HONOLULU (AP) —Former surfing champion Andy Irons had several drugs in his system when he died of a heart attack at age 32 in a Dallas-area hotel room seven months ago.Irons’ family released the results of the autopsy Thursday, which show the three-time world champion from Hawaii died from sudden cardiac arrest due to severe blockage of a main artery. The official autopsy report, prepared by Tarrant County Chief Medical Examiner Dr. Nizam Peerwani, also lists “acute mixed drug ingestion” as a secondary cause, but that is being disputed by the family.
According to the autopsy, Xanax, an anti-anxiety medication, methadone, cocaine and a trace amount of methamphetamine were found in his system.
The family said in a statement that Irons was prescribed Xanax and Zolpidem (Ambien) to treat anxiety and occasional insomnia, a result of bipolar disorder diagnosed at age 18 when he first began “experiencing episodes of manic highs and depressive lows.”
“The family believes Andy was in some denial about the severity of his chemical imbalance and tended to blame his mood swings on himself and his own weaknesses, choosing to self-medicate with recreational drugs,” the Irons family said. “Members of his family, close friends, and an industry sponsor intervened over the years to help Andy get clean, but the effort to find balance in his life was certainly complicated by his chemical makeup.”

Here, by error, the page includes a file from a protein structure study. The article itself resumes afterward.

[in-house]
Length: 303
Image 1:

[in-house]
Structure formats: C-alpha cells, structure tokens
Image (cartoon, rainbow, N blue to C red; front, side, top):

The surfer claimed the world championship in 2002, ’03 and ’04, and was a four-time winner of the prestigious Vans Triple Crown of Surfing.
Irons, who is revered in Hawaii and was known in the surfing community worldwide for being fearless, humble and a fierce competitor, died Nov. 2 while on a layover while en route home to Kauai from Puerto Rico. He had withdrawn two days earlier from the 2010 Rip Curl Pro Search with flu-like symptoms, been put on an intravenous drip and urged to seek medical attention but decided to return to Hawaii. According to the family, it was the first time he had withdrawn from a competition.
San Antonio forensic pathologist Dr. Vincent Di Maio, who reviewed the autopsy results for the family, called it a “very straightforward case,” where Irons died of hardening of the arteries. He said plaque produced severe narrowing, 70 to 80 per cent of his anterior descending coronary artery.
Contrary to Peerwani’s report that drugs were a secondary cause, Di Maio said: “There were no other factors contributing to the death.”
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